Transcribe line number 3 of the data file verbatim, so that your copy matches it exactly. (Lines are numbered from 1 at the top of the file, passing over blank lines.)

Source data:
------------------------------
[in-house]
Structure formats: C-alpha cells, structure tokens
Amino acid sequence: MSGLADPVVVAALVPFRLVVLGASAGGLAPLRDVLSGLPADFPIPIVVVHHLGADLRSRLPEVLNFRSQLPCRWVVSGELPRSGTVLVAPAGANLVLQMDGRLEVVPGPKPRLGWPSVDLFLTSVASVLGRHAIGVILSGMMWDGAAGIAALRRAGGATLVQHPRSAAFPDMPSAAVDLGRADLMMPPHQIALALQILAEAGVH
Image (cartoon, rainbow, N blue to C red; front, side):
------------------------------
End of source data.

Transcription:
Amino acid sequence: MSGLADPVVVAALVPFRLVVLGASAGGLAPLRDVLSGLPADFPIPIVVVHHLGADLRSRLPEVLNFRSQLPCRWVVSGELPRSGTVLVAPAGANLVLQMDGRLEVVPGPKPRLGWPSVDLFLTSVASVLGRHAIGVILSGMMWDGAAGIAALRRAGGATLVQHPRSAAFPDMPSAAVDLGRADLMMPPHQIALALQILAEAGVH